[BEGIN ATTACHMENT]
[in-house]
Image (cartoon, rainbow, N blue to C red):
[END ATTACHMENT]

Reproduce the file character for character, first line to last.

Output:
[in-house]
Image (cartoon, rainbow, N blue to C red):